|Barked: Mon Jan 16, '12 12:50pm PST |
|"Wait...how is dog poop any worse than any other poop? Totally confused about that....how does dog poop spread disease more than any other poop?"
Sanka, my reasoning is that it's mainly a function of density- there are WAY more dogs in your average suburban area than there are coyotes, raccoons, etc in the woods. And when you hike in the wilderness, you're bringing in more density than that area would otherwise support, especially in well-used trails.
The second point is that in urban and suburban areas, most of the ground is covered by paving or building roofs which cannot absorb all the rainwater that falls on them, so it flows over the surface and picks up fecal matter which goes into storm drains and then into rivers. In a natural system, there is a complex mix of plants and trees growing in uncompacted soil with decomposing biomass which can filter and absorb the rain so it's not spreading contamination into streams. This feature is completely missing in man-made environments.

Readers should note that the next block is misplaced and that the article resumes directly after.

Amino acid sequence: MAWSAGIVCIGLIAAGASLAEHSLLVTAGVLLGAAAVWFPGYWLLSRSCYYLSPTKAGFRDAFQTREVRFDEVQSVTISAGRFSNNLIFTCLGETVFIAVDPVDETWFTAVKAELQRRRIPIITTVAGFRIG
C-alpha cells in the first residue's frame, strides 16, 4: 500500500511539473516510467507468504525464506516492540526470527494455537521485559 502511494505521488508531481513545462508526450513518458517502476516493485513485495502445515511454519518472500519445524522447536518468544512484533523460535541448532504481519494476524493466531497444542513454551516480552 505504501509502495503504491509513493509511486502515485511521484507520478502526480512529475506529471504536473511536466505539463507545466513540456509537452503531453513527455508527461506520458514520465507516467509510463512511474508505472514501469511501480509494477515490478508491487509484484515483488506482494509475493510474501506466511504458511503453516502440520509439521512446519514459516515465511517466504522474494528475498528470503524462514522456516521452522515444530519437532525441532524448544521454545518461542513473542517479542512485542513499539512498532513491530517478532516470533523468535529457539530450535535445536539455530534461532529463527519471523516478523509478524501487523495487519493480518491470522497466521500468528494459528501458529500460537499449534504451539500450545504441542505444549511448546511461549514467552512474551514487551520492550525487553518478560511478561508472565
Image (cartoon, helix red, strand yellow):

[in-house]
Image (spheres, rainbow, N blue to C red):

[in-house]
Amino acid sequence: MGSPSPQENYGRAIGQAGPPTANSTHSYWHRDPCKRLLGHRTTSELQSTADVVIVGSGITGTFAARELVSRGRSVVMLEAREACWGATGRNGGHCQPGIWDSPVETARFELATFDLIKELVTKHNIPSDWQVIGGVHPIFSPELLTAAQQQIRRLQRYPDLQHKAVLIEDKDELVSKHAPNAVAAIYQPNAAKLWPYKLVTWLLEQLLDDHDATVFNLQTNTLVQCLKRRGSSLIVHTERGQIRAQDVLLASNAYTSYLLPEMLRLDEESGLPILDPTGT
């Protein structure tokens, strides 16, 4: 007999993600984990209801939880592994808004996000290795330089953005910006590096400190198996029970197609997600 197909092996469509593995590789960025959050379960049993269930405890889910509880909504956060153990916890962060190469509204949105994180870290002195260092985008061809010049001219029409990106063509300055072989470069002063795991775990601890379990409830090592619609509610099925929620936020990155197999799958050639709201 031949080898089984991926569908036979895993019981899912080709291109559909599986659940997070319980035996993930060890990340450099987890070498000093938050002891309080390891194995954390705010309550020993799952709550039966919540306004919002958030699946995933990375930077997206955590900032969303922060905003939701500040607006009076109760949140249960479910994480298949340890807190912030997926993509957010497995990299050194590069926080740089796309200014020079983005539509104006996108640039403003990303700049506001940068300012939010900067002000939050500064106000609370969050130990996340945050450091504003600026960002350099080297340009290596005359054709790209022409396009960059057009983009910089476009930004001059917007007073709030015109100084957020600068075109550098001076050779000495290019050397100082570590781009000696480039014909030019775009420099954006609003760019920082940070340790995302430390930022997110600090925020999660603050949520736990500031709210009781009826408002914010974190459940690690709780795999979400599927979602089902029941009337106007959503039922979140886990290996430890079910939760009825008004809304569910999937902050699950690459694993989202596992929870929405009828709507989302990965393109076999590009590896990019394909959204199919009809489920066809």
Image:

Also, most dogs eat kibble that isn't digested well so there's still a lot of usable energy in it. This contributes to stream eutrophication (death by overnutrition, the algae grows out of control and then dies, where its decay sucks all the oxygen out of the water.)
If you don't like the idea of your dog's poo going into landfills, bury it instead so it doesn't enter the watershed. 5 inches deep (where there is the most soil microbe activity) is supposed to work the best. If you backpack, you do this with your own poop, right? Why not do it for the dog's poop too?
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